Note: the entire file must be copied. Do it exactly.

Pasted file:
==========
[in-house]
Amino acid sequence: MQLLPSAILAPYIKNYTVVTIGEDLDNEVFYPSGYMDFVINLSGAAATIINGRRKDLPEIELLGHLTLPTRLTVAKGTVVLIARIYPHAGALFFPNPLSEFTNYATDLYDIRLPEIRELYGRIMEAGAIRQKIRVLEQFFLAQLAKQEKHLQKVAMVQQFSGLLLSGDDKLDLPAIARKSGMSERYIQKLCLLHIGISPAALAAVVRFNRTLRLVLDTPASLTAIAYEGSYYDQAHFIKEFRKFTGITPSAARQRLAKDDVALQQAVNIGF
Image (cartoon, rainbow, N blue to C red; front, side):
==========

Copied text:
[in-house]
Amino acid sequence: MQLLPSAILAPYIKNYTVVTIGEDLDNEVFYPSGYMDFVINLSGAAATIINGRRKDLPEIELLGHLTLPTRLTVAKGTVVLIARIYPHAGALFFPNPLSEFTNYATDLYDIRLPEIRELYGRIMEAGAIRQKIRVLEQFFLAQLAKQEKHLQKVAMVQQFSGLLLSGDDKLDLPAIARKSGMSERYIQKLCLLHIGISPAALAAVVRFNRTLRLVLDTPASLTAIAYEGSYYDQAHFIKEFRKFTGITPSAARQRLAKDDVALQQAVNIGF
Image (cartoon, rainbow, N blue to C red; front, side):